She pointed out that it was a rhubarb (gag) cherry (yum) organic (?) pie. Now, I’m not against organic things, per se, but when I’m THAT hungry all I want want is sugar, fats, carbs, and everything unhealthy. I asked if there was sugar in it, in light of it being 'organic'. She assured me there was and insisted it was very very good.

The ‘athlete’ I am (not) should have been more open to an organic fruit pie. TRUTH: I’m not that much of an athlete, I have a sweet tooth that has me craving chocolate by 10am every day, and if I had my choice I’d smear REAL butter on everything – especially 2-inch slices of sourdough bread. But I fake it and try to exercise as much as I can, eat as healthy as I can, and avoid bread and real butter as much as I can. As for organics? Well…

So I kept an open mind and gratefully accepted a hearty slice of pie along with a dollop of each vanilla and pistachio ice cream.

My salivary glands shuddered in fearful anticipation. I knew – just KNEW – this wasn’t going to go well. Yes, there was the thought of cherries mixed in with the pie, and at LEAST I had the ice cream to serve as a ‘chaser’ - something to dull the unpalatable rhubarb that was threatening bring me down. But I would be a good house guest. I would be grateful. I would eat it. I would be polite. I would conduct myself in a lady-like manner.

And most of all, I told myself, I would LIKE it.

I took a forkful and readied myself. If need be, I consoled myself, I could inhale the slice as fast as I could before I could taste it. And there was always the ice cream.

I lifted the fork, took a bite, and….

…and chewed….

….and chewed…

And guess what?

I didn’t DIE.

I’m just hungry, I surmised. There’s no possible way I could actually like…

I took a bite of ice cream, then another bite of pie.

And again, I LIKED IT.

Yes, the cherries were saving me from self-induced extinction, but beyond them I could taste the rhubarb, and it was GOOD. I pushed aside the ice cream. I didn’t need it any more. I had more pie. My salivary glands were in heaven. I loved it and fought to lick the plate. What was wrong with me? Was I just so hungry that I couldn’t think straight? Was I just so over-heated I was losing my mind?

Or maybe – just maybe – I was finally becoming a – gasp! – a GROWN UP!

This VEGETABLE often confused as being a fruit had threatened to plague my existence all these 40-something years. Had I been wrong about it along? Had I never truly given it a fair chance? Maybe if I had tried it prepared in different ways I would have liked it sooner...

Before I could go down that never-ending curving road of what 'might have been' and ‘if only’, I stopped and had a pie-induced revelation - no better time than the present to start something new! Maybe I had grown up – my taste buds only, at least! I know they say tastes change as you get older – maybe this was one of those times.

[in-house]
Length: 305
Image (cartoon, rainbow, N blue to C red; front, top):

Last year someone gave us part of their rhubarb plant and my husband was ecstatic. He knows I won’t bake with it, but he likes the novelty of having yet another plant to grow in our tiny backyard. But as I watched the leaves unfurl as winter turned to spring, and the stalks grew longer and redder with every day nearing summer, I've been wondering….

Maybe it was time to grow up just a little more…

NOPE.


(PS - pistachio ice cream is best on it’s own)

(PSS - I'm going to 'try' to make Rhubarb Cherry Pie - must ease into these things ya know http://www.tasteofhome.com/recipes/rhubarb-cherry-pie

Friday, May 12, 2017

A Flash in the Pan

I have a house full of men.

They eat a lot.

And they're messy.

But that's okay.

I try to teach them independence and domesticity as best as I can. I tend to ‘over mother,’ as many would say, but we are all growing and spreading our wings together, which means I’m having to learn to ‘let go’ as well. Part of the growing also means testing what works and what doesn’t work individually and together as a family. What might work one day, might not work the next. We all have our limits, strengths and weaknesses – no one is the same – and when things aren’t working personally and/or in the domestic life-skills department, we try, try again.

So I try to keep my boys on track in the life-skills department as best as I can. Most important lesson: how to make a grilled cheese sandwich. I say that if all else fails in life, you can always make a grilled cheese and survive (don’t forget the ketchup!). So over time they have mastered the basic grilled cheese sandwich of buttered bread and cheese on a frying pan. No big deal. After a few burnt sandwiches, however, they learned the intricacies of minding the stove.

I’m not a gimmicky-type of person, always quick to get the ‘next big thing’ that comes out. I’m kind of old fashioned and sometimes stuck in the bubble I tend to keep myself in. Despite how adventurous I can be sometimes trying something new is a challenge. The good old ‘tried and true’ always feels most comfortable.

But in the spirit of fostering independence and broadening the horizons of my boys, a few years ago I decided to try something new. I know I can’t let my fears and inhibitions hold them back from venturing and adventuring out in this great big world, so I took a deep breath and was bold and brave:

I got a sandwich maker.